One year from now, America will elect its next president, and its current one will leave behind an uncertain nation in uncertain times. The race to succeed George W. Bush started nearly a year ago, much earlier than the norm, as if the leading candidates sensed that it would take a long time for them to figure out what the country wants. This much is obvious: The country wants change. Almost everything else defies easy analysis. It is hard, for instance, to make a persuasive case that any of the Big Seven—Democrats Hillary Clinton, John Edwards, and Barack Obama and Republicans Rudy Giuliani, John McCain, Mitt Romney, and Fred Thompson—should be the favorite to win.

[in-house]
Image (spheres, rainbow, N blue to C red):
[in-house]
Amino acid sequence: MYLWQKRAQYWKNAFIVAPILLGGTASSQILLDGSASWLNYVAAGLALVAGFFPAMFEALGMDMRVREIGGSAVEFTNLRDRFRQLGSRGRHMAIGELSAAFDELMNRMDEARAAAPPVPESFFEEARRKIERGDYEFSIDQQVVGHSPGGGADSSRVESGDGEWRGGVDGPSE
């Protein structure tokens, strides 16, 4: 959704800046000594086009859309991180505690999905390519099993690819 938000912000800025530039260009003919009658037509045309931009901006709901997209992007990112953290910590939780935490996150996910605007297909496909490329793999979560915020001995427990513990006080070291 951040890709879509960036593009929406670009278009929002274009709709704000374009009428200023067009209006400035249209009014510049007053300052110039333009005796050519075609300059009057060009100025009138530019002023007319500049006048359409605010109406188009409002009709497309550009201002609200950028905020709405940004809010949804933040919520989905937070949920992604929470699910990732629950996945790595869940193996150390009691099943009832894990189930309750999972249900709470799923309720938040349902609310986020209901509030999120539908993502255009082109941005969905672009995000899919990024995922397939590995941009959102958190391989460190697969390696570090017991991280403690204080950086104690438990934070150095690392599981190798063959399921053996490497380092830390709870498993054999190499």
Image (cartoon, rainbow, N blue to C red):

This is partly because the 2008 election is fundamentally different from every one since Harry Truman left the White House. The reason is that it lacks an heir apparent. After Truman decided not to seek reelection in 1952, the nominees were World War II hero Dwight D. Eisenhower for the Republicans and Illinois governor Adlai Stevenson for the Democrats. This was the last time that the choice for president did not include either an incumbent president or vice president; subsequent races had Eisenhower in ’56; Richard Nixon, his vice president, in ’60; Lyndon Johnson in ’64; Hubert Humphrey, his vice president, in ’68; Nixon in ’72; Gerald Ford, his vice president and, after Watergate, the president, in ’76; Jimmy Carter in ’80; Ronald Reagan in ’84; George H. W. Bush, his vice president, in ’88; Bush in ’92; Bill Clinton in ’96; Al Gore, his vice president, in 2000; George W. Bush in 2004. The heir apparent didn’t always win, but the presence of a familiar figure gave American politics continuity—a place for starting the debate. From this perspective, history may view George W.